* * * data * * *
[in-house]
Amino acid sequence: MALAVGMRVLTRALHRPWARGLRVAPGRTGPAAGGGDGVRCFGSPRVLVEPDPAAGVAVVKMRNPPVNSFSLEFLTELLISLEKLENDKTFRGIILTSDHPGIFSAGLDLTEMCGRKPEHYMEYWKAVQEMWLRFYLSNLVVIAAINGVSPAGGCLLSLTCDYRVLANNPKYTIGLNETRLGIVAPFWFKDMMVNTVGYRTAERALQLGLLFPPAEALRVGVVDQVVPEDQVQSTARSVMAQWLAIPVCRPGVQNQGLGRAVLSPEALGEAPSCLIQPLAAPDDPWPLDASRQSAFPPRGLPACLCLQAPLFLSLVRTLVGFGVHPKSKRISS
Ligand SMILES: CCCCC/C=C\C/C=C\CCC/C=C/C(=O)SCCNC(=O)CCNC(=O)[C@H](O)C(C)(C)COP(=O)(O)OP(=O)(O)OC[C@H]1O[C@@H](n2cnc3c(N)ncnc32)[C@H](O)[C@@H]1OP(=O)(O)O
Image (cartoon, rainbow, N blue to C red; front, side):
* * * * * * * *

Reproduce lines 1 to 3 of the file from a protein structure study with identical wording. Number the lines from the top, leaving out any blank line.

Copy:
[in-house]
Amino acid sequence: MALAVGMRVLTRALHRPWARGLRVAPGRTGPAAGGGDGVRCFGSPRVLVEPDPAAGVAVVKMRNPPVNSFSLEFLTELLISLEKLENDKTFRGIILTSDHPGIFSAGLDLTEMCGRKPEHYMEYWKAVQEMWLRFYLSNLVVIAAINGVSPAGGCLLSLTCDYRVLANNPKYTIGLNETRLGIVAPFWFKDMMVNTVGYRTAERALQLGLLFPPAEALRVGVVDQVVPEDQVQSTARSVMAQWLAIPVCRPGVQNQGLGRAVLSPEALGEAPSCLIQPLAAPDDPWPLDASRQSAFPPRGLPACLCLQAPLFLSLVRTLVGFGVHPKSKRISS
Ligand SMILES: CCCCC/C=C\C/C=C\CCC/C=C/C(=O)SCCNC(=O)CCNC(=O)[C@H](O)C(C)(C)COP(=O)(O)OP(=O)(O)OC[C@H]1O[C@@H](n2cnc3c(N)ncnc32)[C@H](O)[C@@H]1OP(=O)(O)O